Coming home?

 

A favorite quotation of my early twenties was by none other than the archdruid himself, David Brower, from an essay he wrote for the Sierra Club Bulletin in 1935. Having spent the previous summer wandering around and over the high peaks, Brower wondered whether his adventure was “the limit? Could the Sierra offer only transitory enjoyment, merely a temporary escape.” Fired by my own desire to escape suburban life, to test my mettle on hard terrain through performances that I later realized were central to modern masculinity, Brower’s answer to his question resonated strongly. Leaving the mountains “was not coming home--he had just left it!”

Of course, a twenty-something’s world eventually grows much messier, and Brower’s remark began to seem quaint. Outdoor play left permanent marks, but the wild itself was a transitory home. The same held true for most of my friends, as it did for Brower himself, and part of growing up was realizing that it had to be so. Manly adventure was a passage, a rite performed on the way to maturation, and once established, other challenges displaced the games and ideals of youth. Our time on the rocks, slopes, waves, and rapids were important, but we also moved on. Thus what are we to make of those adventurers who stuck it out, who did make the landscapes of play their literal homes?

This is not a prelude to a hoary tale about some legendary adventurer, usually seen at a distance in the early light on the way to the big one or virgin powder or a thin line, always alone with elemental nature in its purest form.  Rather, my question is about the social and environmental implications of adventure. Outdoor sports can produce such intense emotions that the self merges with wild nature, and once that happens it seems natural for athletes to identify with nature. Although society deemed them marginal figures, outdoor athletes strongly influenced the history of environmentalism. For John Muir, Bob Marshall, Richard Leonard, David Brower, Ed Abbey, Andrea Mead Lawrence, Mark Massara, Galen Rowell, and Yvon Chouinard, their passion for play fueled their passion for the landscapes of play.

This might seem a latter-day academic distortion, but by the 1950s even Sierra Club members were arguing that “the basic purpose” of their organization was “to fight to the last ditch to preserve places to have fun in” but also “that an equally basic purpose . . . is to have fun in the wilderness.” I once felt the passion for wild nature as intensely as Brower or any adventurer, but ultimately my buddies and I left it behind because, like the sociologist Georg Simmel, we learned that “an old adventurer [is] an obnoxious or tasteless phenomenon.” Outdoor play was rewarding but also transitory in the truest sense of that word, a phase one lived through and moved beyond. The problem is that part of western environmentalism has not grown beyond this adolescent vision of authentic nature as necessarily pure and separate, and outdoor athletes played a significant role in shaping that vision.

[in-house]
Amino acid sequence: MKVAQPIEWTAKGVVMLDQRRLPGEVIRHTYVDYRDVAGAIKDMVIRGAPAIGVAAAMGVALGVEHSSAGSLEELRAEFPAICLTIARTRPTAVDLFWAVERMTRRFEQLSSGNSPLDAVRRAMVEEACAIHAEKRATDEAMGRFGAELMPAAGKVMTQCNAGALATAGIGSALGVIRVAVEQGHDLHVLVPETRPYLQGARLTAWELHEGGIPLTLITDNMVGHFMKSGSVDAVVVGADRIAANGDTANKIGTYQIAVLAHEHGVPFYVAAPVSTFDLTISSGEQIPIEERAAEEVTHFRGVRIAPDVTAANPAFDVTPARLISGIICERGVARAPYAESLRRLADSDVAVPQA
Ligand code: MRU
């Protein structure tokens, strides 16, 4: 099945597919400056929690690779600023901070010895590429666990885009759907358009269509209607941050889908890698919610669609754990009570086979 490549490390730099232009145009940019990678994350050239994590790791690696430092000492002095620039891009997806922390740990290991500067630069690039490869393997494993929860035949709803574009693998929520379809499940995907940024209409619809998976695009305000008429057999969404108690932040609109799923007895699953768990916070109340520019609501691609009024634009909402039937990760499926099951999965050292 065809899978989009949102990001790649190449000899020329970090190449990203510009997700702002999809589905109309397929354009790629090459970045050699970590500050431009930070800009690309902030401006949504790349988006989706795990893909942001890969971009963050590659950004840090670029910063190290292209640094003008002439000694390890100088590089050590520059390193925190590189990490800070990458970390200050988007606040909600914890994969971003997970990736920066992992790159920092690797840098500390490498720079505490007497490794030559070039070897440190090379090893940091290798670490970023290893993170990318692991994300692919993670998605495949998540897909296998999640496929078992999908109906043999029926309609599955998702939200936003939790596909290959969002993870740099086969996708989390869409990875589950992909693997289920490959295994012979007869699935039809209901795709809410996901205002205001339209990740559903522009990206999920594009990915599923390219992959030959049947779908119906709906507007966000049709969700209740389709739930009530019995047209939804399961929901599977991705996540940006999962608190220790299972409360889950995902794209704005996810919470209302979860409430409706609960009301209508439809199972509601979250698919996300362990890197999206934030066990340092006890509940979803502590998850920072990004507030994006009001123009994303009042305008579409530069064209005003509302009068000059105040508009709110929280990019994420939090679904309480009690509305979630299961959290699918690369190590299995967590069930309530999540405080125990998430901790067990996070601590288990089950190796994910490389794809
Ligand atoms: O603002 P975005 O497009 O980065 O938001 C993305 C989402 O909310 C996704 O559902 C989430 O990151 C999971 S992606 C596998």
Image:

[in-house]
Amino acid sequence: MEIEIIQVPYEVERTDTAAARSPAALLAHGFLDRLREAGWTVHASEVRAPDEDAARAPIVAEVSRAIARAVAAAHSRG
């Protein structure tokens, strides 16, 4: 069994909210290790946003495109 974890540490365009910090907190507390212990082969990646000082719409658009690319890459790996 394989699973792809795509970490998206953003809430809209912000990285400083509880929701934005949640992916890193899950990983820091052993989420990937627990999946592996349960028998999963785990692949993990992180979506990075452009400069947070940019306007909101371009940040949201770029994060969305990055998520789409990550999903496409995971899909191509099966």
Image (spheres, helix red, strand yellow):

The more outdoor sports and environmentalism were guided by ideals of purity, the more both have suffered a kind of arrested development. Climbers, kayakers, skiers, and surfers celebrate extreme performances and view moderation as signifying weakness in physique and virtue. Meanwhile, the fixation with unpeopled spaces enabled wilderness opponents to dismiss the idea with a bumper sticker phrase: Are you an environmentalist, or do you work for a living? The climber in me bristles at that, but the scholar in me knows it contains more than a little truth.  In studying the history of outdoor sports, I also know that this was not always so. There was a time when the firebreathers of the Sierra Club were quite comfortable with complexly inhabited landscapes, and nature play was primarily about group fun rather than solipsistic quests to the edge.

Thus the tales of extreme adventure in wild settings sold at Barnes & Noble and REI reveal a key convergence of sporting and environmental culture. Outdoor sports illuminate not only the desperate desires within Camp 4 and the Teton Ranch but, to varying degrees, the impulses driving any athlete in Bend, Moab, Squamish, or Waialua. Beneath the sweat and dirt burns a desire for wild nature that is intrinsically linked to their sense of self, and their adventures have shaped our ideas about authentic nature. It behooves us to understand the roots of that passion and its implications, but it is also important to recognize the culture it displaced, and when and why the transition occurred.  Through outdoor athletes we discover something important about environmentalism, and through our ideas about nature we learn something important about outdoor adventure.

For me there is something indisputably true about Brower’s vision of the mountains as home. He felt it in his bones just as I once did, but “home” was ultimately a much more complicated concept. The history of outdoor sports reveals that play links us simultaneously to the wilderness, to each other, and to the larger world. In the end, there really is no escape, but then there never has been.

Joseph Taylor teaches in the history and geography departments at Simon Fraser University, in Vancouver. He is the author of Pilgrims of the Vertical: Yosemite Rock Climbers and Nature at Risk and Making Salmon: An Environmental History of the Northwest Fisheries Crisis, which won the American Society of Environmental History’s best book award. He lives in Oregon.